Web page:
ESMA Updates Guidance on Investment Advice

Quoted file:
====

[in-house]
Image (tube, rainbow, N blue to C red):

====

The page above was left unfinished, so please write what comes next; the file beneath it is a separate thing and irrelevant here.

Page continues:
The European Securities and Markets Authority ("ESMA") has updated its supervisory briefing on the definition of investment advice under MiFID II (the "Briefing"). The Briefing replaces the old guidance from 2010 and specifically addresses the application of investment advice to new business models and the use of social media and mobile apps. Scope The Briefing contains useful guidance from the European supervisor for all parties that may provide investment advice, such as investment firms, credit institutions, UCITS management companies and alternative investment fund managers (AIFMs). Furthermore, the guidance can be used by parties to assess whether their own services fall within the scope of investment advice. This can especially be relevant for finfluencers. In its Briefing, ESMA covers the following aspects:The provision of personal recommendations and whether other forms of presenting information could constitute investment advice;The presentation of a recommendation as suitable for a client or based on the client's circumstances;Perimeter issues around the definition of personal recommendation; andIssues around the form of communication. What you need to know Although the definition of investment advice has not changed since the guidance from 2010, the Briefing addresses its application to align with new business models and recent technological developments. The Briefing seeks to connect the existing definition of investment advice with the new ways of investment advice in which online advice plays a major role.Under MiFID II, investment advice means the provision of personal recommendations to a client, either upon its request or at the initiative of the investment firm, in respect of one or more transactions relating to financial instruments. That recommendation must be presented as suitable for that person or must be based on a consideration of the circumstances of that person. ESMA made the following clarifications regarding this definition:Not only explicit statements qualify as recommendations. Recommendations may also be provided in an implicit or indirect manner;Copy trading, whereby a firm can give clients access to portfolio of 'copied traders', whose trades can be copied, may qualify as investment advice;Whether a recommendation is "generic advice" is clarified;Even if a clear, prominent and understandable disclaimer is provided stating that no advice or recommendation is being given, a firm could still be deemed as having presented a recommendation;Even though a recommendation made exclusively to the public does not qualify as investment advice, recommendations made through internet websites, investment apps or social media could be regarded as personal recommendations;If a firm gathers information on a person's circumstances while providing training or courses, and these circumstances are used as a basis for a recommendation, this would qualify as investment advice; andThe response to the request of a professional client to find a product by giving the firm precise information regarding the product's characteristics does not qualify as investment advice, unless the investment firm has expressed an opinion on the product's suitability. Anything else? ESMA included a diagram in the Briefing containing the five key tests for investment advice and addressed the questions from the diagram in four practical cases to clarify the guidance. The diagram and the practical cases can serve as a helpful tool for market parties to determine whether a service constitutes of investment advice that requires a license. Contact For more information on these observations, contact your regular CMS advisor or local CMS experts Clair Wermers, Karsten Bruinsma and Kilian Rowel.